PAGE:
The Coin Civil Dispute Returns to Falmouth Academy

Maisie+Saganic%2C+Ruby+Gaetani%2C+and+Saniya+Rajagopal+21+place+coins+in+the+Coin+Civil+Dispute

Maisie Saganic, Ruby Gaetani, and Saniya Rajagopal ’21 place coins in the Coin Civil Dispute

Abigail Lott

After a few years on hiatus, the Coin Civil Dispute returned to Falmouth Academy. Grades brought in their loose change to compete to decide which charity the money goes to. 

This Falmouth Academy tradition has been going on for about 10 years and was originally called the Coin Challenge. The sight of blue water jugs at the top of the stairwell, and the sound of coins dropping in, piqued excitement for many. Students gathered around the jugs, hoping to win for their grade and sabotage the chances of others. 

The premise of this competition was that grades bring in coins and put them in their respective jars to win. The catch is that silver coins equal negative points while non-silver coins equal positive points, so silver coins would go into other grades’ jars while non-silver coins would go into the participant’s grade jar. The winner of the competition this year would choose what charity to donate the coins to.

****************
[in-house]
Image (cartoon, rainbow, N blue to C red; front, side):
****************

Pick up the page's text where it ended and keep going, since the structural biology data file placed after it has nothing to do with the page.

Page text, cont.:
“Student Council was hoping to honor past FA traditions and was reminiscing over the competitive spirit that the Coin Civil Dispute had sparked in the past,” said Tasha Sudofsky 22’, Student Council Secretary, as to why the group brought back the Civil Dispute.  “We also thought that it was a great and fun way to raise money!”

“We missed having a school activity that everyone can participate in but because of Corona, a lot of the usual STUCO activities we love to plan and execute (Marconi, Gala, etcetera) can’t happen,” said Saniya Rajagopal ‘21, Student Council president, echoing Tasha’s remarks. “So we thought that the coin civil dispute was a perfect balance of COVID-safe and competitive fun.” 

Tasha explained why the grade with the most points picked the charity: “We were hoping students would be more apt to participate if they knew that the money could go to a charity that they are passionate about.” 

“I liked doing it,” said Kailei Hoehlein 22’ about the competition. “It gets very competitive though.”

There was a fierce war between the grades with many grades targeting the seniors. 

Saniya said that because school fundraising doesn’t seem to be happening as much due to COVID-19, this was a safe way for students to donate to charity.